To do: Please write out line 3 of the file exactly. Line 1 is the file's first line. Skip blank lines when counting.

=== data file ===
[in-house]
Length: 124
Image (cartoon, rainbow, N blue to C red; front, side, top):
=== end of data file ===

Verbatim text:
Image (cartoon, rainbow, N blue to C red; front, side, top):